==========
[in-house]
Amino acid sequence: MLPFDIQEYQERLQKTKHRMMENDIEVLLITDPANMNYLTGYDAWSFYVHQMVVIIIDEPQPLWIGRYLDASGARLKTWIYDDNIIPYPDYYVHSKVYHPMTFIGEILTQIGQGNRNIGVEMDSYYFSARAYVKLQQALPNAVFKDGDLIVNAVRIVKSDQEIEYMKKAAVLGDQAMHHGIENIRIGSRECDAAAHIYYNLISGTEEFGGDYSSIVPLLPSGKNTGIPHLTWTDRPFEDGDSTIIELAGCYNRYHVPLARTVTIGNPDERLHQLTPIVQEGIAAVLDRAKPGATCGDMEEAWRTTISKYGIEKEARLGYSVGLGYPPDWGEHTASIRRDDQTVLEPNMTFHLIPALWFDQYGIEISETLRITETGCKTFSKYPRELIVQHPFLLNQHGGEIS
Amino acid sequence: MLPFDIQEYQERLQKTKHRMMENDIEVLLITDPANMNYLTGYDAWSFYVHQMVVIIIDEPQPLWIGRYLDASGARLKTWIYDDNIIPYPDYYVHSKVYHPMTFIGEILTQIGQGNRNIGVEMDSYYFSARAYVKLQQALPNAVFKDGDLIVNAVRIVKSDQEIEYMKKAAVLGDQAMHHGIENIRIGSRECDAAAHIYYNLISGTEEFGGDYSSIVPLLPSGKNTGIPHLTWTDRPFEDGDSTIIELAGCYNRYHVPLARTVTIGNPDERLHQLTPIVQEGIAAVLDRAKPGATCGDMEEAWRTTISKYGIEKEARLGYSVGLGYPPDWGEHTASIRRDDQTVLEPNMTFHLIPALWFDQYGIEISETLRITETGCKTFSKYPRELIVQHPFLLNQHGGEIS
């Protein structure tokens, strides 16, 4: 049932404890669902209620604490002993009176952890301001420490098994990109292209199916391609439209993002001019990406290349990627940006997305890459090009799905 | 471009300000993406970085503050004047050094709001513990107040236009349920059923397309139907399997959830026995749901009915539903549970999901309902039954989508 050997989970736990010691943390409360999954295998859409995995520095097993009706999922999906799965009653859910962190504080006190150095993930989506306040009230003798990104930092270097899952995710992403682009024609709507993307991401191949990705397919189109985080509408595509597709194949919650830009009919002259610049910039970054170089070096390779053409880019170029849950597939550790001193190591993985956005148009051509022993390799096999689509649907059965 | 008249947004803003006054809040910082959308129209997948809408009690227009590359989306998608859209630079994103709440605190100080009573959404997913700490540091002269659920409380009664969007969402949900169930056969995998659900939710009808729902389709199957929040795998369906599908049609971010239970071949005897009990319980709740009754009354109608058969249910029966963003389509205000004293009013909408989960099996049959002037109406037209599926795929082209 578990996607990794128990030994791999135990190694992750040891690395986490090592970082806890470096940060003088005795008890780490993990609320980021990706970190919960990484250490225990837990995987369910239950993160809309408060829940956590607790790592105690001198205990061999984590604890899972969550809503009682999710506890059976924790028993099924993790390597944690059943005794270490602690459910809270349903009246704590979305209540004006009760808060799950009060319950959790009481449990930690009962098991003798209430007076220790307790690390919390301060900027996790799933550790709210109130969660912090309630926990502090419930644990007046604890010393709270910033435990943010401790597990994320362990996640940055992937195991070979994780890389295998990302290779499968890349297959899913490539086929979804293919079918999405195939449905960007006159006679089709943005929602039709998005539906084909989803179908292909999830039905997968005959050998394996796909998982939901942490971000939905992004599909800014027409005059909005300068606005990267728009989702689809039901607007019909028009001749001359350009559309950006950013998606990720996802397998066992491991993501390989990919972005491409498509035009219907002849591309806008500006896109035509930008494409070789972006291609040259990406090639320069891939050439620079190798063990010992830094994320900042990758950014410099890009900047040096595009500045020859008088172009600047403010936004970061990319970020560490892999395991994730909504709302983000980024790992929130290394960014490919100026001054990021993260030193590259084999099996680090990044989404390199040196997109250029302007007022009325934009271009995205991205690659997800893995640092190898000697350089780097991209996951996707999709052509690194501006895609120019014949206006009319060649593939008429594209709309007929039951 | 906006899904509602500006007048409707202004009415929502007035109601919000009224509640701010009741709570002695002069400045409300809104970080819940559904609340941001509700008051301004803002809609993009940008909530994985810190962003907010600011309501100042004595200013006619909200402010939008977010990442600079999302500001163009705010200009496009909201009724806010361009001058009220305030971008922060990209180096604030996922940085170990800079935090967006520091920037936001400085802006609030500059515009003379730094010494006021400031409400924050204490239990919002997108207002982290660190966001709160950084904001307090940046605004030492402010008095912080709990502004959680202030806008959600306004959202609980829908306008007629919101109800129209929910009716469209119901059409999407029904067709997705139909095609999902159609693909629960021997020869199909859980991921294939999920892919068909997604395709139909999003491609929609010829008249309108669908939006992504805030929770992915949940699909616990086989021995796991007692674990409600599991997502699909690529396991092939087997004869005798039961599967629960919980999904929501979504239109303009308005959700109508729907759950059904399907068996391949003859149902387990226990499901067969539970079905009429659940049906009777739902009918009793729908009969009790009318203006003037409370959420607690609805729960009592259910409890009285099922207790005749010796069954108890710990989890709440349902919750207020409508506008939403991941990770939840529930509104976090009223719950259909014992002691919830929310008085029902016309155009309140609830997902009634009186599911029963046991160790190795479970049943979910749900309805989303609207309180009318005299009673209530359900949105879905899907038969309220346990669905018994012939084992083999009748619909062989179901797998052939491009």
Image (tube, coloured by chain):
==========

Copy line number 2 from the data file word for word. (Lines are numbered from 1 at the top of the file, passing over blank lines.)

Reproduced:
Amino acid sequence: MLPFDIQEYQERLQKTKHRMMENDIEVLLITDPANMNYLTGYDAWSFYVHQMVVIIIDEPQPLWIGRYLDASGARLKTWIYDDNIIPYPDYYVHSKVYHPMTFIGEILTQIGQGNRNIGVEMDSYYFSARAYVKLQQALPNAVFKDGDLIVNAVRIVKSDQEIEYMKKAAVLGDQAMHHGIENIRIGSRECDAAAHIYYNLISGTEEFGGDYSSIVPLLPSGKNTGIPHLTWTDRPFEDGDSTIIELAGCYNRYHVPLARTVTIGNPDERLHQLTPIVQEGIAAVLDRAKPGATCGDMEEAWRTTISKYGIEKEARLGYSVGLGYPPDWGEHTASIRRDDQTVLEPNMTFHLIPALWFDQYGIEISETLRITETGCKTFSKYPRELIVQHPFLLNQHGGEIS